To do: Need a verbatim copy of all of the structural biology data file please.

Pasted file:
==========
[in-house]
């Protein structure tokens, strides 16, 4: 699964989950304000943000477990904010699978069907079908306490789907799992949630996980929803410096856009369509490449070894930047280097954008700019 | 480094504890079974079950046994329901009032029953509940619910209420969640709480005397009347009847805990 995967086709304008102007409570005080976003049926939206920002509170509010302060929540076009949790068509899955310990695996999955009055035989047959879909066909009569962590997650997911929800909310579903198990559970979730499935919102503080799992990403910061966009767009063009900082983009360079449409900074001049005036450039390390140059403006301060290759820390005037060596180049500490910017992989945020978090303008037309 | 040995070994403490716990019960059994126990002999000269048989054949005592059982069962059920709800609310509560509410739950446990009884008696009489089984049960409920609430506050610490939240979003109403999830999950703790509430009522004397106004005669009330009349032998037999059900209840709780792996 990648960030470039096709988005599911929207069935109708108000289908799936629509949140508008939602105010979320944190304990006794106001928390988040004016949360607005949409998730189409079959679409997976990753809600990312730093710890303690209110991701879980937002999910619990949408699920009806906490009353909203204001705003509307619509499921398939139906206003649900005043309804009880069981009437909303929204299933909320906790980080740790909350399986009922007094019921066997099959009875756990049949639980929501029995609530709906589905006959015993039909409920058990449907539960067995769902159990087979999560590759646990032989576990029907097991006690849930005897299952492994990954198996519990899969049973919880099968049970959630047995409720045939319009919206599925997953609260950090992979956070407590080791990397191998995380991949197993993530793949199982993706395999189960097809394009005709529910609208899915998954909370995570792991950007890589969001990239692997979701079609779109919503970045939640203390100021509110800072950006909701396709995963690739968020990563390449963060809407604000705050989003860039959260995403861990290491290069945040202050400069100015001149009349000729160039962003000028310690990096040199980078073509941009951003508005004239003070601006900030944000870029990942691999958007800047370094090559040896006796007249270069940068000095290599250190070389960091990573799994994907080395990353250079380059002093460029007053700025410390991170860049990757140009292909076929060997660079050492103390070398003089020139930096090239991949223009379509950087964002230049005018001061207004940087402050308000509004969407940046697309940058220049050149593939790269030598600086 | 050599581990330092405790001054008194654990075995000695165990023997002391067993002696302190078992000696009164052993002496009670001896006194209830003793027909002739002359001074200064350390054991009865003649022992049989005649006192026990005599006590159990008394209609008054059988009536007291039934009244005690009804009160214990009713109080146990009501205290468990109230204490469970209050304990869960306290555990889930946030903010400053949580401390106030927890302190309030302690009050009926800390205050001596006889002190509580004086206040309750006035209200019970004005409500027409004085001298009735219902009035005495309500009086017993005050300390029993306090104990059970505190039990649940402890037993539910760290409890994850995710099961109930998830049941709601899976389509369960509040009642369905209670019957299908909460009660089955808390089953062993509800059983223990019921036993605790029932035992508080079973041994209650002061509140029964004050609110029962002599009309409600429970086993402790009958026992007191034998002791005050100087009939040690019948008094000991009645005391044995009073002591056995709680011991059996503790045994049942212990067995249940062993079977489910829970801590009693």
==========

[in-house]
């Protein structure tokens, strides 16, 4: 699964989950304000943000477990904010699978069907079908306490789907799992949630996980929803410096856009369509490449070894930047280097954008700019 | 480094504890079974079950046994329901009032029953509940619910209420969640709480005397009347009847805990 995967086709304008102007409570005080976003049926939206920002509170509010302060929540076009949790068509899955310990695996999955009055035989047959879909066909009569962590997650997911929800909310579903198990559970979730499935919102503080799992990403910061966009767009063009900082983009360079449409900074001049005036450039390390140059403006301060290759820390005037060596180049500490910017992989945020978090303008037309 | 040995070994403490716990019960059994126990002999000269048989054949005592059982069962059920709800609310509560509410739950446990009884008696009489089984049960409920609430506050610490939240979003109403999830999950703790509430009522004397106004005669009330009349032998037999059900209840709780792996 990648960030470039096709988005599911929207069935109708108000289908799936629509949140508008939602105010979320944190304990006794106001928390988040004016949360607005949409998730189409079959679409997976990753809600990312730093710890303690209110991701879980937002999910619990949408699920009806906490009353909203204001705003509307619509499921398939139906206003649900005043309804009880069981009437909303929204299933909320906790980080740790909350399986009922007094019921066997099959009875756990049949639980929501029995609530709906589905006959015993039909409920058990449907539960067995769902159990087979999560590759646990032989576990029907097991006690849930005897299952492994990954198996519990899969049973919880099968049970959630047995409720045939319009919206599925997953609260950090992979956070407590080791990397191998995380991949197993993530793949199982993706395999189960097809394009005709529910609208899915998954909370995570792991950007890589969001990239692997979701079609779109919503970045939640203390100021509110800072950006909701396709995963690739968020990563390449963060809407604000705050989003860039959260995403861990290491290069945040202050400069100015001149009349000729160039962003000028310690990096040199980078073509941009951003508005004239003070601006900030944000870029990942691999958007800047370094090559040896006796007249270069940068000095290599250190070389960091990573799994994907080395990353250079380059002093460029007053700025410390991170860049990757140009292909076929060997660079050492103390070398003089020139930096090239991949223009379509950087964002230049005018001061207004940087402050308000509004969407940046697309940058220049050149593939790269030598600086 | 050599581990330092405790001054008194654990075995000695165990023997002391067993002696302190078992000696009164052993002496009670001896006194209830003793027909002739002359001074200064350390054991009865003649022992049989005649006192026990005599006590159990008394209609008054059988009536007291039934009244005690009804009160214990009713109080146990009501205290468990109230204490469970209050304990869960306290555990889930946030903010400053949580401390106030927890302190309030302690009050009926800390205050001596006889002190509580004086206040309750006035209200019970004005409500027409004085001298009735219902009035005495309500009086017993005050300390029993306090104990059970505190039990649940402890037993539910760290409890994850995710099961109930998830049941709601899976389509369960509040009642369905209670019957299908909460009660089955808390089953062993509800059983223990019921036993605790029932035992508080079973041994209650002061509140029964004050609110029962002599009309409600429970086993402790009958026992007191034998002791005050100087009939040690019948008094000991009645005391044995009073002591056995709680011991059996503790045994049942212990067995249940062993079977489910829970801590009693």